MySQL University: Developing MySQL on Solaris/OpenSolaris

We have a MySQL University session later today, featuring me and Trond Norbye (who works on Memcached development). Ostensibly we are talking about some of the tools and environment details of developing on Solaris and OpenSolaris, but with a MySQL focus. I’ve just updated the Forge page with the requisite information and a copy of the slides if you need them. Here’s the abstract:

Developing MySQL on Solaris requires you to install a suitable compiler and other tools, but you may be surprised to know that most of the material is there already, or easy to install if it’s not. But even more so, there is a huge wealth of information that you can get about your application while it’s running, both with and without using more traditional debugging methods. We’ll cover setting up a suitable environment, where to find the things you need, and and how to make use of the process monitoring tools and debugging environment to get the best out of development on Solaris generally, and MySQL specifically.

Please attend if you have any interest in developing on Solaris/OpenSolaris and MySQL. Trond an I will also be on-hand to answer any questions you might have.

Multiple VCS Updates and Cleanups

I spend a lot of time updating a variety of different repositories of different varieties and denominations, and I hate having to do that all by hand – I’d rather just go up into a top-level directory and say update-all and let a script work out what to do, no matter what different repos are there. I do it with a function defined within my bash profile/rc scripts, and it covers git, bzr, svn, bk, and cvs. The trick is to identify what type of directory we are updating. I do this, lazily, for each type individually, rather than for each directory, but I’ve found this method to be more reliable.

update-all () { for file in `ls -d */.svn 2>/dev/null`; do realdir=`echo $file|cut -d/ -f1`; echo Updating in $realdir; ( cd $realdir; svn update ); done; for file in `ls -d */.bzr 2>/dev/null`; do realdir=`echo $file|cut -d/ -f1`; echo Updating in $realdir; ( cd $realdir; bzr pull ); done; for file in `ls -d */.git 2>/dev/null`; do realdir=`echo $file|cut -d/ -f1`; echo Updating in $realdir; ( cd $realdir; git pull ); done; for file in `ls -d */CVS 2>/dev/null`; do realdir=`echo $file|cut -d/ -f1`; echo Updating in $realdir; ( cd $realdir; cvs up ); done; for file in `ls -d */BitKeeper 2>/dev/null`; do realdir=`echo $file|cut -d/ -f1`; echo Updating in $realdir; ( cd $realdir; bk pull ); done; unset realdir}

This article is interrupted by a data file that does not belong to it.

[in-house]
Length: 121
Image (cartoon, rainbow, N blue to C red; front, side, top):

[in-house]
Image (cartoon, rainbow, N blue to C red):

That’s it – a quick way to update any directory of repos.

Solaris 08/07 impressions

New versions of Solaris keep coming out apace, and with each new version we see improvements and enhancements, both from the core Solaris group and from the cooperation with the OpenSolaris teams. Solaris 10 8/07 came out last year, but it takes a while to go through and look at all of the new features, and in the time it’s taken me to fully understand all the new stuff, they’ve come out with another new version, but the functionality in the 8/07 release warrants some closer inspection. You can get the full details with the official documentation.First up, this is one of the the first releases where I feel comfortable using it pretty much out of the box without modification. Most of the tools and functionality are available with a standard install. You get Firefox 2.0 and Thunderbird 2.0 as standard, and combined with the improvements to the X Window System, we have an OS that can be used as a desktop without any additional installs. There are still some things I prefer to re-install (perl, for example), but the point is you no longer have to install many things. With Sun Studio being available, there’s little reason not to use Solaris 10 as a good replacement for Linux – in fact, one of the other elements I want to talk about might help there. Of course, its not all plain sailing. One of the problems I encountered is that I installed onto a machine with three identical drives – but when prompting you to partition disks, it shows you all of the disks without any kind of indication which one is which. You just get the size of the volume to choose from (a little difficult to choose when your machine has three identical drives). Luckily this was an empty machine that I could trash, but I wouldn’t want to identify the drive during installation just based on the partitions each device had. Actually, it turned out worse than this – after installation, Solaris had actually ended up on my second HD (the first attached to the second IDE controller), not my first. I had to swap the disks around to get it started properly. Really it’s a minor issue, but one to be wary of.One of the big improvements throughout are the changes and enhancements to the ZFS file system. One of my favourites is that you can now create a ZFS pool and then share it as an iSCSI device to other systems. This means that if I had a big server with loads of space, I could create a ZFS pool, get the benefits of ZFS on the server side, and share portions of the disk for storage over to other machines. Enabling iSCSI sharing is just a case of setting the shareiscsi